1. How do you carry on American customs in Dubai? And you began to answer it with Halloween. I'd like to hear about the other holidays or customs.
2. I'd like to know if there are "public" things like libraries? And how hard is it to find books in English
Holidays first. Holidays are the time to be with people, and we, like most here, find solace in our fellow expat families and do our best. Everyone either travels on holidays or gets together with groups of friends and makes the best of it. It can feel lonely. It's an adjustment.
Christmas is, of course, the biggest one for us. Nicely, we had the company party this weekend:
The party is early, by design, because so many travel during the holidays here.
Santa, food and wine, gifts, too-loud music, staying at a lavish hotel, and basically a good time for all. Bethy assured Thomas before we went that this is the "REAL Santa, not just some guy dressed up in a costume, you know, like one of his helpers."
This is the same kid who doesn't believe in unicorns or ghosts. Go figure.
Santa has consistantly excellent taste in gifts for our kids which may help Bethy's belief-o-meter: Thomas got a Thomas the Tank Engine with a screwdriver to take it apart and put it back together again and has played with it nonstop. Bethy got a Pinky Pie My Little Pony...the large size one with barrettes and combs for styling. Santa is good.
Bethy and I both got to enjoy a little Henna painting, this time by a Pakistani woman. This henna was green and smelled funny, left a yellow-orangish stain beneath that deepened to a brown overnight. Bethy claimed it burned and washed it off as soon as she could. Not exactly typical USA Christmas party fare, but great here.
They also had salmon for us to eat...mmm...
I had my own personal Santa. Friends of ours back in the states from the company were transferred out her a few days ago with their family. Karen, the mom and wife in this scenario, remembered reading how much I love Boehms chocolates and brought me some.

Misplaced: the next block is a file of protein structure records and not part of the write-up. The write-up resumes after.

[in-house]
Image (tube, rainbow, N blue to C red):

Sometimes there are just not enough words to say "thank you".
I opened them, admired them, smelled them, put the lid back on...
and after a suitable waiting period (part of the afternoon) devoured them within 12 hours. Sheer gluttony, total bliss.
If you want Western holiday products you must expect to PAY for them. Even birthday wrapping is costly...to put it into perspective, I bought Mike two insulated lidded travel coffee cups the other day. I also bought a small paper gift bag. The two cups together or one bag cost exactly the same.
I actually brought tissue paper back out with me last trip.
A UK friend of mine was telling me how a show has taken off back there called Peppa Pig, and the kids there are crazy for it. The characters are gentle and cute and snort a lot. Her daughter developed a deep love for Peppa Pig, Peppa's brother George, and his toy Mr Dinosaur and of course, that's all she wanted for Christmas. Now, being a pig, Peppa is not terribly welcome in the UAE, where pork is haram. So those infidel parents had things shipped here, including the Peppa Pig Princess Palace.
The Dad says next year they will have one or the other spouse go back to London with an empty suitcase, shop, fill it with gifts, get a visit in with the family, and come back. It'll cost about the same.
We could, but don't, get a tree. The expense...well, let's just say unless the very costly imported trees go down in price like the pumpkins did, and then some, we are having a Christmas stick again this year.
I like my Christmas stick, which I found out in the desert and painted silver and sprinkled with suitably irridescent glitter. I thought it very creative, and suffered much abuse gladly for its sake.
I brought meaningful ornaments with us, and the kids made some. I found more at Starbucks, which is great, and then I have improvised and put other things like little camels on shiny strings, stuff like that.